23:2-3 figures prominently in the genealogy of David. Can you figure out why?
23:21 says that when you make a vow to God you should not delay in paying it (doing it), as to delay would be sin. Interestingly the next verse says that it is not sin at all to refrain from vowing at all. This to me is another strong reminder to be careful what words we let pass from our lips! And the verse following that (23) reminds again that God has not forced you to make a vow, you do it willingly (2 Corinthians 9:7?).
How might 23:24-25 apply today?
The enforcement of 24:7 would certainly change the attitude of some criminals, would it not?
There are many lessons to learn from these various laws. 24:17 reminds us again that God looks out for those who cannot look out for themselves. These three mentioned groups had NO legal standing in the ancient world. The only one who could bring a lawsuit was a male Citizen of legal age (probably 20); therefore the alien or foreigner, the fatherless (often listed as orphan), and the widow you must not try to hurt, but protect and aid.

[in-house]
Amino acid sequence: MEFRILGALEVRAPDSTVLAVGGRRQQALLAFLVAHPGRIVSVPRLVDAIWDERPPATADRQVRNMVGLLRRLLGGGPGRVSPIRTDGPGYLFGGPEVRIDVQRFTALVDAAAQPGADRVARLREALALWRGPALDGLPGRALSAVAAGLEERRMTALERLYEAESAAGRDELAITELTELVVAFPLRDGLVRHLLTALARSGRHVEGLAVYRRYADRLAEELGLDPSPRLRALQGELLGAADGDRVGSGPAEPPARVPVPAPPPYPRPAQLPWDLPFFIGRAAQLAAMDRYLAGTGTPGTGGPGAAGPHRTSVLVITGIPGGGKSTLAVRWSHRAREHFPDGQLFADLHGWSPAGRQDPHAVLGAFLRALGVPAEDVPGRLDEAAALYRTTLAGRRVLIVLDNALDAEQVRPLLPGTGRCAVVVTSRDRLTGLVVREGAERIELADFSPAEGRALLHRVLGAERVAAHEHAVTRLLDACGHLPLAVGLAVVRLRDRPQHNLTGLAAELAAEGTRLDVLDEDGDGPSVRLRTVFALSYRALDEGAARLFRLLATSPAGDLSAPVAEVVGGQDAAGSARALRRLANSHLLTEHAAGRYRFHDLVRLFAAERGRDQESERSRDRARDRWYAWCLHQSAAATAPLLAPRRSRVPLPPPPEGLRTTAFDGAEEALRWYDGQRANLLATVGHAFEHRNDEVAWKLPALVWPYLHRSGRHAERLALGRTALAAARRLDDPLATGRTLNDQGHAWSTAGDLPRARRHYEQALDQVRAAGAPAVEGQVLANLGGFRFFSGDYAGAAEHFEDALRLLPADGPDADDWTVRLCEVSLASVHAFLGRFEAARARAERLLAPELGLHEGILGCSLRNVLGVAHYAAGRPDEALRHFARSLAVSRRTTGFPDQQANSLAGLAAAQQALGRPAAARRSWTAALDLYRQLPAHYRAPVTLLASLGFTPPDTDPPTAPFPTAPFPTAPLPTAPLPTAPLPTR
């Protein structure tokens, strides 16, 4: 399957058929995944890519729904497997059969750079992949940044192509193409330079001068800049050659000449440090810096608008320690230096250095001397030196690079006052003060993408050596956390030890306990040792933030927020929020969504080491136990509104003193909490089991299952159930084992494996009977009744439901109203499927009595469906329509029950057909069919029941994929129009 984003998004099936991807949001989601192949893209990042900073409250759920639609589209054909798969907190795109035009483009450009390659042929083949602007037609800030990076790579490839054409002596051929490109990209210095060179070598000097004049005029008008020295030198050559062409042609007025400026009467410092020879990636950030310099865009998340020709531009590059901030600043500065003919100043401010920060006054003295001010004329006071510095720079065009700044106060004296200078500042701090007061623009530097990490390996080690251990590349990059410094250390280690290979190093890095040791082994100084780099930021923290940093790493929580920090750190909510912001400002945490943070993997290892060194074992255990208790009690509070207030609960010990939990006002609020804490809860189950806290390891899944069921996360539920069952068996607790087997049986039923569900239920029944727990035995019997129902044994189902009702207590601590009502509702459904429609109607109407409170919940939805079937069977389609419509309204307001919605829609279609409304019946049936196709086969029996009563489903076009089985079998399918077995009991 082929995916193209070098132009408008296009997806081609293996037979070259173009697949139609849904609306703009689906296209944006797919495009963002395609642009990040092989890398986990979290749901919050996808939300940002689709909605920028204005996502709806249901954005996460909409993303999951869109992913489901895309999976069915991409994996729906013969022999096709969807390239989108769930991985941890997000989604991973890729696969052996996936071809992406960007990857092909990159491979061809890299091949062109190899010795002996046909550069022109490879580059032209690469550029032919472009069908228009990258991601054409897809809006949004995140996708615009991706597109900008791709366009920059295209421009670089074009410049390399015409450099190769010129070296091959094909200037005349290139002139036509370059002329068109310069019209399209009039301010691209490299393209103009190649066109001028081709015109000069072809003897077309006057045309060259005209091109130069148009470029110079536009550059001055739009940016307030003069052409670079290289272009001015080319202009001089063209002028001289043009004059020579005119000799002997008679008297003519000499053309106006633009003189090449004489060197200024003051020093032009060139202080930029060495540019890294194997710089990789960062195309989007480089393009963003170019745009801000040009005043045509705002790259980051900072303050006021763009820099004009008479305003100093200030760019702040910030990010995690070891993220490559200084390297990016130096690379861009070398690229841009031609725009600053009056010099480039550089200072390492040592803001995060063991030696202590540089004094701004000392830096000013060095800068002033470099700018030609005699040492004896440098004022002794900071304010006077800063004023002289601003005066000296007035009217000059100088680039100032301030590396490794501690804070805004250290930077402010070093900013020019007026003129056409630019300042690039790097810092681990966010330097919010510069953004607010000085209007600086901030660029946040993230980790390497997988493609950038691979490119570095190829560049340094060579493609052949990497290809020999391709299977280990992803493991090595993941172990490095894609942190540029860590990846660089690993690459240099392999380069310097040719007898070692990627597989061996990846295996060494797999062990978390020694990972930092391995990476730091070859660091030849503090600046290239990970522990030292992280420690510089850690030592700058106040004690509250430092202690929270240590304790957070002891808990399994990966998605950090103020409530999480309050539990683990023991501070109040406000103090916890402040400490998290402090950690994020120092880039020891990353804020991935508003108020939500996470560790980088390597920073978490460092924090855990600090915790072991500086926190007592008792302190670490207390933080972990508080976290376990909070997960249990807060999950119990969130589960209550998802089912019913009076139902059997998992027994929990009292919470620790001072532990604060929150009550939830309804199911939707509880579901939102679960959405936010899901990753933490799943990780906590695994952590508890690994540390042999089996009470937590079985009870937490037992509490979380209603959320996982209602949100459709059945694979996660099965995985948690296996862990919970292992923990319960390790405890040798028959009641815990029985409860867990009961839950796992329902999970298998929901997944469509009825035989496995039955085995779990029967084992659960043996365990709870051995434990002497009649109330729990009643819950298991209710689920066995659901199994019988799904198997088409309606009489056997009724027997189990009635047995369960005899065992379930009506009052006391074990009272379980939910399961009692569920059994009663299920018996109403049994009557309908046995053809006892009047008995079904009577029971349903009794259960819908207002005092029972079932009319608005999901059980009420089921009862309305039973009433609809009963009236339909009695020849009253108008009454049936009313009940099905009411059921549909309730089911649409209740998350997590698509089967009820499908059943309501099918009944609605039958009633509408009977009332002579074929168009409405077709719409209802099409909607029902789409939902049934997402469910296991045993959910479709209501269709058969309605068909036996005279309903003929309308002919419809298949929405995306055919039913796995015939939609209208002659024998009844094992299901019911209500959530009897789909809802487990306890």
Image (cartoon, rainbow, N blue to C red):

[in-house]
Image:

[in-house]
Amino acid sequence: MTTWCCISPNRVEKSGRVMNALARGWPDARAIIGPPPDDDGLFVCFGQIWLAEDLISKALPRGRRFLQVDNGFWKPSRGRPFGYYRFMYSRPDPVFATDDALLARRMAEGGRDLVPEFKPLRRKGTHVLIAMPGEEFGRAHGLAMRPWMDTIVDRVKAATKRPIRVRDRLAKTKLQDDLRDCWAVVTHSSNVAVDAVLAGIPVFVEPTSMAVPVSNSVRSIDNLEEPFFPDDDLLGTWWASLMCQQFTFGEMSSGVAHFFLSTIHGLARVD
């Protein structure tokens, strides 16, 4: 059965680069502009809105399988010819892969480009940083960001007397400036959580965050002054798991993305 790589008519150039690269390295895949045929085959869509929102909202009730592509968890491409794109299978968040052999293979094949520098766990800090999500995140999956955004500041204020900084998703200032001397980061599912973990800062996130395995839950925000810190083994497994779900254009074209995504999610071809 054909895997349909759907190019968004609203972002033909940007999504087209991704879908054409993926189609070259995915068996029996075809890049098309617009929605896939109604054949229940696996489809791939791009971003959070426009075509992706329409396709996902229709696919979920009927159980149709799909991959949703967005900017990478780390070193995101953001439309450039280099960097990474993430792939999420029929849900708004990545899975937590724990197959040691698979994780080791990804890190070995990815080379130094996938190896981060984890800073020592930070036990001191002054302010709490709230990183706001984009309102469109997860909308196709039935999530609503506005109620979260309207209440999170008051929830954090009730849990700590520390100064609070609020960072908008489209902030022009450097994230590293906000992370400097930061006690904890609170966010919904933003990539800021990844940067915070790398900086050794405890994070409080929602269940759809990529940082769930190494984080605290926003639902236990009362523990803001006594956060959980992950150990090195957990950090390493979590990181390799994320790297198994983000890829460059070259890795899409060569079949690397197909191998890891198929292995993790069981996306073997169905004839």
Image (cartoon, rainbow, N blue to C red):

Would you have understood 25:4 as Paul applies it in 1 Corinthians 9:9 and 1 Timothy 5:18? If it applies to the dumb beast, then how much more so to the children of God?!
25:5 and following might remind you of Judah and his daughter-in-law. 25:11-12 might seem like a harsh punishment, but the sin is not only in the manner of her touching a man other than her husband, but in the fact of her touching him where only his wife should touch. God is serious about sexual purity. The thinking person begins to understand how important marital fidelity is to societal order–the unthinking person is selfish and . . . well . . . unthinking!
25:13-16 reminds us yet again to be honest in all our dealings with each other.
David tells the deeds of the one who is called blessed upon the earth, presumably because he too does these things because he then beseeches God’s help and reminds God that his enemies lie about what he does.